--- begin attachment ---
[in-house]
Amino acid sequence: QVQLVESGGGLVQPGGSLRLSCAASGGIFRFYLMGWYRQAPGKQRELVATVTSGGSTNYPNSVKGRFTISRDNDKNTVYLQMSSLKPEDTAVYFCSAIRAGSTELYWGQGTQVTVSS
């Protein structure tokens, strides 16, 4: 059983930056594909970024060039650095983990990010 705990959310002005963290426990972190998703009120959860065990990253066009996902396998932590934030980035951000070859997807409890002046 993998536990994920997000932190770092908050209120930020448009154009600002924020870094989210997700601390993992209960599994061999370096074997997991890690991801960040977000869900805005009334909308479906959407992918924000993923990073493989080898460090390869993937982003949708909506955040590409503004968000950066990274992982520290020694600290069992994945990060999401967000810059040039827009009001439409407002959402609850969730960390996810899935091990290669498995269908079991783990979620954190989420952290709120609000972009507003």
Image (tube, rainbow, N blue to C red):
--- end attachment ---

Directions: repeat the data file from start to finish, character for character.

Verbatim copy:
[in-house]
Amino acid sequence: QVQLVESGGGLVQPGGSLRLSCAASGGIFRFYLMGWYRQAPGKQRELVATVTSGGSTNYPNSVKGRFTISRDNDKNTVYLQMSSLKPEDTAVYFCSAIRAGSTELYWGQGTQVTVSS
């Protein structure tokens, strides 16, 4: 059983930056594909970024060039650095983990990010 705990959310002005963290426990972190998703009120959860065990990253066009996902396998932590934030980035951000070859997807409890002046 993998536990994920997000932190770092908050209120930020448009154009600002924020870094989210997700601390993992209960599994061999370096074997997991890690991801960040977000869900805005009334909308479906959407992918924000993923990073493989080898460090390869993937982003949708909506955040590409503004968000950066990274992982520290020694600290069992994945990060999401967000810059040039827009009001439409407002959402609850969730960390996810899935091990290669498995269908079991783990979620954190989420952290709120609000972009507003």
Image (tube, rainbow, N blue to C red):